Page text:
Bad bills passed by the legislature

House Bill 1087  –  A new billion-dollar payroll tax

  • This bill puts a 0.58 percent premium (tax) on employee paychecks to create the Long Term Services and Supports Trust Program where an individual that contributes into the fund for at least 500 hours per year for 3 of the last 6 years. The maximum benefit is $36,500 per person. The bill seeks to provide care for individuals who are in need of assistance with daily living, such as mobility and hygiene issues. This is for individuals who qualify for Medicaid and who are assessed by DSHS as needing assistance with at least three daily living needs. Once you hit the $36.5K mark, the benefits stop.

SB 5116 – Higher energy costs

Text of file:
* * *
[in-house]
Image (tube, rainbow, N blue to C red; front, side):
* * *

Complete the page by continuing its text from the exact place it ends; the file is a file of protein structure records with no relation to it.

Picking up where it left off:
• This “100 percent clean energy” bill will, by 2025, prohibit electrical utilities from using electricity from coal. By 2030, all utilities should be greenhouse-gas neutral. By 2045, all utilities must rely on 100-percent clean- and renewable-energy sources. It will most definitely raise costs of electricity for the consumer, as there are various fees on top of costs involved in the transition that will be imposed on the utilities. It also restricts growth of hydropower-generation stations, which is where a majority of our renewable energy comes from.

Senate Bill 5091 – Special-education funding (note: this bill has stalled in the House of Representatives)

  • This bill would increase special-education spending and require training for staff that ensures more inclusion for special-education students. Special education is a basic-education program. This bill would support the inclusion of students with disabilities. Currently, 55 percent of students with disabilities in Washington are educated in a general-education classroom for the majority of the school day. For students of color, this number drops to 47 percent. The state needs to create more inclusive educational environments by providing additional support, such as professional development, or a tiered system.